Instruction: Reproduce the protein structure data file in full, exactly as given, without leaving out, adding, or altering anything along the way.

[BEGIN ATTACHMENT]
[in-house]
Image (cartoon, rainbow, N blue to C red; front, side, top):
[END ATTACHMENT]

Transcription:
[in-house]
Image (cartoon, rainbow, N blue to C red; front, side, top):